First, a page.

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Investment

Understanding accounts series

Introduction

This is all about investment. However, if you got here and want to know what is a good safe bet on the stock market, you’re definitely in the wrong place. I’m going to be talking about investment in things called assets, which will yield some sort of return in your business in future years. Stocks and shares are similar in that you hope that they will give you a certain return in the future both in terms of their increasing value and in terms of income by way of dividends. My kind of investment – assets – is normally going to go down in value every year, and won’t usually produce an identifiable cash return.

What do we consider is an asset?

There is a technical definition and it talks broadly about an asset being an item of expenditure which produces economic benefits for the firm in the future. A bit jargony! Here’s an example – you make biscuits, you buy a biscuit-wrapping machine that has an operating life of 20 years. Over those years it is going to save you a packet (pun intended!) because it is going to do the hard work, meaning fewer workers, fewer broken biscuits and faster production. Economic benefits clearly. Twenty years is certainly the future. So our biscuit-wrapping machine is an asset. You could probably have reached that conclusion without my help, but it shows that there are very clear ways of describing what an asset is, that leave you in no doubt. Notice too that it doesn’t mention anything about its (the asset’s) value. So when you next invest in a new laptop, consider whether and what economic benefits you will get from it. To make the investment “worth it” it is going to have to generate extra savings or income for you over and above what the old one does. Most people just buy one because they want a new toy or because the old one’s broken. Vanity is nothing to do with accounts; and if the old one’s broken, you need to replace it, so actually it’s not really “new investment”. But supposing the laptop you have works fine, is coping with everything you are throwing at it. Do you really need a new one? Assets come in all shapes and sizes and range from cars, vans, buildings, computers, printers, furniture, cat5 cabling, advertising signs and personal number plates to factory equipment, boilers, heating systems, lifts and toilets. These are all tangible assets. You can touch them and see them: they exist physically in our world, in your business. The other main category of asset is intangible assets. You generally can’t see touch or feel these. By definition they are “untouchable”. These still have the same economic qualifier as the tangible assets (this used to be called fixed assets); the only difference is you can’t see them. Intangible assets include intellectual property, goodwill and brands. Very difficult to value, and apart from goodwill, few small businesses have intangible assets. Strange as it may seem, you may have been in business for years, have many customers who come back again and again, have a reputation that is second to none and yet have no goodwill in your accounts. It’s really only when you sell your business that the goodwill can be seen to exist because someone is prepared to pay more than the other assets themselves are worth. That extra is for goodwill. So the new business owner would have your goodwill in his business until it is eventually replaced by his (or her) own.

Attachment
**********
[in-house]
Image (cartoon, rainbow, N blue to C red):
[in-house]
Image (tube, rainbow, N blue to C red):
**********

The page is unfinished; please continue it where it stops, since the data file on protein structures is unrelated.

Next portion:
Depreciation

Assets usually wear out over time – they become less economically valuable. Accountants measure this wearing out by using a technique called depreciation and you’ll find more about that in a separate factsheet.